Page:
Joshua RIDEOUT, Plaintiff–Appellant, v. Chris KOSTER, et al., Defendants–Respondents.
PETITION FOR DECLARATORY RELIEF DISMISSED WITHOUT PREJUDICE
Joshua Rideout (Rideout) filed a declaratory judgment action to have his name removed from the Missouri sex offender registry. After his petition was denied on the merits, he appealed. Pursuant to the authority granted to us by Rule 84.14, we enter the judgment the trial court ought to have entered and dismiss Rideout's petition without prejudice.1
In May 2006, Rideout pled guilty in federal district court to one count of possession of child pornography in violation of 18 U.S.C. § 2252A(a)(5)(B).2 In August 2006, Rideout was sentenced to 78 months of incarceration in the Federal Bureau of Prisons, followed by 10 years of supervised release.3 His sentence included a provision stating that, “[a]s the offense is one which requires registration as a sex offender, the special condition requiring compliance with sex offender registration law is ordered.”
In April 2010, Rideout filed a petition seeking declaratory relief in the Circuit Court of Ripley County. The named defendants included the Missouri Attorney General, the Superintendent of the Missouri State Highway Patrol, and the Sheriff of Ripley County.4 In Rideout's petition, he asked the circuit court to declare the Missouri Sex Offender Registration Act (SORA), §§ 589.400–.426, to be in violation of the Missouri Constitution and to enjoin the defendants from enforcing those statutes. By agreement of the parties, the case was transferred to Butler County.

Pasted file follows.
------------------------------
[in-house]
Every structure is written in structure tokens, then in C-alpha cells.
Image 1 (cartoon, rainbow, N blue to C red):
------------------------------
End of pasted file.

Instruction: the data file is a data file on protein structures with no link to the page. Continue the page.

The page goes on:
In May 2013, a bench trial was held. Rideout testified that he was then on supervised release. While on supervised release, he was required to report to a federal probation officer and follow the registration scheme for sex offenders. He had never been arrested or charged with violating any of the laws he challenged in his petition. The trial court entered a judgment on the merits for the defendants and denied the declaratory relief requested by Rideout. This appeal followed.